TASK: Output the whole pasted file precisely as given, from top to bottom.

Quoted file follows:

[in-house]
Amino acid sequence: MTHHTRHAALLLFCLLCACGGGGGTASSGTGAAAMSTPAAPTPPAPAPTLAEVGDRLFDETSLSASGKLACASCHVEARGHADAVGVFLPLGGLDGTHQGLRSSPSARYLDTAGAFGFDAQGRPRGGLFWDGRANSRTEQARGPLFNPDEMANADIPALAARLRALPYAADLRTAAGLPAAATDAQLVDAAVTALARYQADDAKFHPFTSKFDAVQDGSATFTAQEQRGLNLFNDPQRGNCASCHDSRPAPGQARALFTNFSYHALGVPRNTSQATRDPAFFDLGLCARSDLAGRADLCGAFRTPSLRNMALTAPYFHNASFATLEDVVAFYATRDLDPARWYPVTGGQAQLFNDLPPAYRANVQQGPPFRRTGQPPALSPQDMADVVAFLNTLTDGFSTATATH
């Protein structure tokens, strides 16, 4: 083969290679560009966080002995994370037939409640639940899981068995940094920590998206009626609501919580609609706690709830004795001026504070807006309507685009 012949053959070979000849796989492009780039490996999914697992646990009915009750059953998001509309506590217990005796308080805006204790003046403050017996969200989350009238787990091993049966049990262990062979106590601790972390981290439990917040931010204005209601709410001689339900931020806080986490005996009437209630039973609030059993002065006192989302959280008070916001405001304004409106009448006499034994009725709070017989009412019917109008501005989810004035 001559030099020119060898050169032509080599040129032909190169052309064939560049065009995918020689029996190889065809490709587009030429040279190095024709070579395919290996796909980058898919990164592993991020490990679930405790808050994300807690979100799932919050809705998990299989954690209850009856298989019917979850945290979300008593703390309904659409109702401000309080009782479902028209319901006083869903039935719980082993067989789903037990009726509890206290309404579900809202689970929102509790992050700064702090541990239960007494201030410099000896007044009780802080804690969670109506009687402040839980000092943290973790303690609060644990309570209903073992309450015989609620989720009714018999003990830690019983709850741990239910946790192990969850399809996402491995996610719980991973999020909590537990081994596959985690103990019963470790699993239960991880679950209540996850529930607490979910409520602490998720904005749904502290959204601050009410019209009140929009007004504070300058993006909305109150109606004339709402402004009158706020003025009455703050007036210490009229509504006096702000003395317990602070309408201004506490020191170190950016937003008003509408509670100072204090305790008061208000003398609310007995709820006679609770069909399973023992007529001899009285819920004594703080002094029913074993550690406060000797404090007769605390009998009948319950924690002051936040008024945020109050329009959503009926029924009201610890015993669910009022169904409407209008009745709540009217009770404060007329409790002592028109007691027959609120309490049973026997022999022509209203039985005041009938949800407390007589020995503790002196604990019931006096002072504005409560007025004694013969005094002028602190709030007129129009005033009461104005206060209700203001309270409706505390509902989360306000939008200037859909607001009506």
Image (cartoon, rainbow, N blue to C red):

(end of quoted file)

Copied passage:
[in-house]
Amino acid sequence: MTHHTRHAALLLFCLLCACGGGGGTASSGTGAAAMSTPAAPTPPAPAPTLAEVGDRLFDETSLSASGKLACASCHVEARGHADAVGVFLPLGGLDGTHQGLRSSPSARYLDTAGAFGFDAQGRPRGGLFWDGRANSRTEQARGPLFNPDEMANADIPALAARLRALPYAADLRTAAGLPAAATDAQLVDAAVTALARYQADDAKFHPFTSKFDAVQDGSATFTAQEQRGLNLFNDPQRGNCASCHDSRPAPGQARALFTNFSYHALGVPRNTSQATRDPAFFDLGLCARSDLAGRADLCGAFRTPSLRNMALTAPYFHNASFATLEDVVAFYATRDLDPARWYPVTGGQAQLFNDLPPAYRANVQQGPPFRRTGQPPALSPQDMADVVAFLNTLTDGFSTATATH
């Protein structure tokens, strides 16, 4: 083969290679560009966080002995994370037939409640639940899981068995940094920590998206009626609501919580609609706690709830004795001026504070807006309507685009 012949053959070979000849796989492009780039490996999914697992646990009915009750059953998001509309506590217990005796308080805006204790003046403050017996969200989350009238787990091993049966049990262990062979106590601790972390981290439990917040931010204005209601709410001689339900931020806080986490005996009437209630039973609030059993002065006192989302959280008070916001405001304004409106009448006499034994009725709070017989009412019917109008501005989810004035 001559030099020119060898050169032509080599040129032909190169052309064939560049065009995918020689029996190889065809490709587009030429040279190095024709070579395919290996796909980058898919990164592993991020490990679930405790808050994300807690979100799932919050809705998990299989954690209850009856298989019917979850945290979300008593703390309904659409109702401000309080009782479902028209319901006083869903039935719980082993067989789903037990009726509890206290309404579900809202689970929102509790992050700064702090541990239960007494201030410099000896007044009780802080804690969670109506009687402040839980000092943290973790303690609060644990309570209903073992309450015989609620989720009714018999003990830690019983709850741990239910946790192990969850399809996402491995996610719980991973999020909590537990081994596959985690103990019963470790699993239960991880679950209540996850529930607490979910409520602490998720904005749904502290959204601050009410019209009140929009007004504070300058993006909305109150109606004339709402402004009158706020003025009455703050007036210490009229509504006096702000003395317990602070309408201004506490020191170190950016937003008003509408509670100072204090305790008061208000003398609310007995709820006679609770069909399973023992007529001899009285819920004594703080002094029913074993550690406060000797404090007769605390009998009948319950924690002051936040008024945020109050329009959503009926029924009201610890015993669910009022169904409407209008009745709540009217009770404060007329409790002592028109007691027959609120309490049973026997022999022509209203039985005041009938949800407390007589020995503790002196604990019931006096002072504005409560007025004694013969005094002028602190709030007129129009005033009461104005206060209700203001309270409706505390509902989360306000939008200037859909607001009506």
Image (cartoon, rainbow, N blue to C red):